Dave the Minion, star of the Despicable Me movies (which were much better than the new Minion-only spinoff, if you ask me), is not just a character. He’s a small plush toy, and my seven-year old already has a set that includes Stuart, Jerry, Kevin, and Carl.

But he really wants Dave.

And so, Dave is also a category in my seven-year old’s budget, sitting right there underneath his college money (more on that in a bit).

Honestly, it’s tempting to spend the $12.99 and buy it for him. Who wouldn’t want to be that Minion-delivering, super-hero Dad?

But as he budgets for Dave, my son gets to see his dollars at work and he’s almost there. He learns that gratification isn’t always instant. He feels purposeful, learning that his money really can help him reach his goals. As fun as it would be to present him with Dave the Minion, watching him learn these really important lessons is even better.

If he just had a category called “toys”, he wouldn’t experience the same joy and excitement in assigning his dollars. Each dollar gets him closer to Dave the Minion. I can’t imagine him being as invested in his budget without the appeal of his very specific goals.

Leave Space for Their Priorities and Yours

When it comes to categories, I gave my kids a nearly blank slate. I mean, I wouldn’t have come up with Dave the Minion as a priority, but it’s important that they see budgeting as a way to reach their own goals. Personalizing their categories drives this home.

Kids don’t always get a chance to express what is important to them. My son’s Lego Mindstorms category I mentioned earlier? Sure, he loves Legos and just having fun. But he also wants to be an engineer. At ten years old, he’s having a chance to put his money behind his idea, and for us to talk about it together.

Inside this nearly blank slate, though, I did insist on three categories: 1) College 2) Gifts and 3) Giving.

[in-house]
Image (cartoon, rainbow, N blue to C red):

College communicates the value we place on education and learning. Maybe they won’t all go to college. Maybe one starts a company instead. Whatever they do, however they learn and grow as young adults, it won’t be free. So we teach them to invest in their own future.

The Gifts and Giving categories teach them that their money is not just about them. Generosity is important, whether that is birthday gifts for their family or giving to an important cause. We want them to grow up thinking of others, and believe that budgeting for this from an early age will turn this hope into real action.

They Might Surprise You and be Really Good at This Budgeting Thing

Budgeting is simply an activity that aligns your money with your priorities. And you know what? My kids might be better at it than I am.

They know what their priorities are. They have no misgivings about labeling them and being clear which are most important. They have no problem making adjustments when those priorities shift.

My kids are also really good at budgeting with just the money they have right now. When I explained to them that they wouldn’t, for example, be able to budget next week’s allowance until next week when they actually received it, I got a rather incredulous look from my daughter. Yeah, Dad, of course. Why would we do that?

Okay, budget away. Dad not needed.

Come on, Give it a Shot

If you’ve got your own budget and you’ve got kids, give it a shot. Give them their own budgets.

Don’t worry about doing it wrong, or what they might decide to do with their own money. Keep it simple and work with a small amount of money that you are comfortable with.

Help them think about their priorities. Make sure your own are represented too, but let the budget largely reflect Minions and Minecraft and M.I.T., or whatever the case may be. Let them own it.

You might even be surprised about what you learn from them about how to fine tune your own budget.

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What Your Kids Can Teach You About Budgeting